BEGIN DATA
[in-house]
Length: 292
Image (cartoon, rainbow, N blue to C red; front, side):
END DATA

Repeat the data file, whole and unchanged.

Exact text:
[in-house]
Length: 292
Image (cartoon, rainbow, N blue to C red; front, side):